Rafe Arnott’s review of the Pure Fidelity Eclipse turntable originally appeared in The Occasional Magazine.
The Pure Fidelity Eclipse Turntable
What do you do when you’ve owned a number of turntables over the years but always found one aspect lacking in each design you’ve entertained?
You design and build your own deck and start-up a company to produce and bring them to market.
This is exactly what John Stratton of Vancouver, British Columbia did when he decided he wanted a ‘table that could deliver the sound he loved from high-price turntable designs but at a price grounded more in reality.
The result was two decks: the Encore and the Eclipse turntables, which both retail for roughly $4,500 USD depending on the exact specifications at the time of ordering. The Encore features a traditional-style plinth and the Eclipse turntable shows a modern take on shape.
Both feature 50mm Ultra MDF cores, CNC machining, precision bronze bearings, a 12-volt AC-synchronous motor and an outboard speed-controller with a separate linear power supply.
When Stratton first reached out to me to see if I would be interested in reviewing one of his designs, I couldn’t say no after checking his website; he was only about 15 minutes from my home.
The What and the Wow
He’d finished the unit he brought over in beautiful matt Santos Rosewood (Stratton said that a high-gloss finish could be available as an option) and equipped with a package deal that included the Maestro outboard motor controller and a TA-1000 tonearm. He had kindly outfitted the deck with a Benz Micro Wood SL low-output moving-coil cartridge for me as well.
Getting the ‘table into my system took a matter of minutes, and after making sure I’d leveled the deck, I ran unbalanced cables into an Audio Note S2 step-up transformer and from there into an Audio Note Soro Phono SE Signature integrated amplifier and out to my Audio Note AN-E/Spe HE loudspeakers.
I fed the Pure Fidelity Eclipse turntable a steady diet of vinyl for several days to familiarize myself with its sonic abilities before I got down to take a serious look at what made up the deck and how it sounded.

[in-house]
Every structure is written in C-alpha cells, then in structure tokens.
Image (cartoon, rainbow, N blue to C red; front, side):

Taking off the large 36mm thick Delrin platter and examining the bearing shaft, tonearm mount, dual-pulley-driven polished-aluminum sub-platter and fit and finish of the unit I came away with a deep respect for what Stratton and his crew had accomplished. QC was outstanding, and the ‘table would not easily be equaled by other designs I’m familiar with at double the price.
The platter and the sub-platter fit was truly precise and spun so true and flat that I often forgot I’d left it running because you must be only a few inches away to see if it was actually spinning. Something I’ve not seen accomplished on a few turntables pushing $20k at trade shows.
Operation of the TA-1000 tonearm was fluid, well-damped and concise. This isn’t an ‘arm that flops around or feels flimsy: just the opposite. It has a feeling of such high-quality machining and fluidity to its use that I often smiled whenever I queued-up a track and dropped the needle in the groove.
Getting familiar with the sound took a while, but one of the first things I noticed was how rock-steady the pitch was. Stratton’s attention to detail in the motor-control assemblies obviously paid off as did his use of a heavy, damped plinth because I’ve heard the Benz SL on other decks and the bass produced with this combination contributed more bottom-end definition and speed to the lowest notes than I’d ever heard previously from Benz Wood or Glider.
The treble signature was always open, airy and extended and never strayed into dryness or etching. A real feat on some of the LPs I spun which I’d heard go sour up top on other rigs.